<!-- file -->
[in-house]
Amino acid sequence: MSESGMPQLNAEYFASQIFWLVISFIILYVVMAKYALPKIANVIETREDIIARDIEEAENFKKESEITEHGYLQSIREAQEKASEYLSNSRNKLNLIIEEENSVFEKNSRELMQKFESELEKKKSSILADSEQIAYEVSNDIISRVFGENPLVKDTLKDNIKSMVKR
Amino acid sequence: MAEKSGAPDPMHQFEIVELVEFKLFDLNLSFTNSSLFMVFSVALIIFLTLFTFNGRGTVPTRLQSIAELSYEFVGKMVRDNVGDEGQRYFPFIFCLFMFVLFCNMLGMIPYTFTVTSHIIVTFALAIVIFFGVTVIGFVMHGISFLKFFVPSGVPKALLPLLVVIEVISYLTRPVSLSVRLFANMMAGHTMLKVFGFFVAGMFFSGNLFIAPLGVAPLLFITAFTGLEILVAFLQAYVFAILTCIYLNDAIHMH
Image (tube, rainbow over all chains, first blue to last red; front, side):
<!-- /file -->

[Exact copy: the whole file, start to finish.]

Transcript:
[in-house]
Amino acid sequence: MSESGMPQLNAEYFASQIFWLVISFIILYVVMAKYALPKIANVIETREDIIARDIEEAENFKKESEITEHGYLQSIREAQEKASEYLSNSRNKLNLIIEEENSVFEKNSRELMQKFESELEKKKSSILADSEQIAYEVSNDIISRVFGENPLVKDTLKDNIKSMVKR
Amino acid sequence: MAEKSGAPDPMHQFEIVELVEFKLFDLNLSFTNSSLFMVFSVALIIFLTLFTFNGRGTVPTRLQSIAELSYEFVGKMVRDNVGDEGQRYFPFIFCLFMFVLFCNMLGMIPYTFTVTSHIIVTFALAIVIFFGVTVIGFVMHGISFLKFFVPSGVPKALLPLLVVIEVISYLTRPVSLSVRLFANMMAGHTMLKVFGFFVAGMFFSGNLFIAPLGVAPLLFITAFTGLEILVAFLQAYVFAILTCIYLNDAIHMH
Image (tube, rainbow over all chains, first blue to last red; front, side):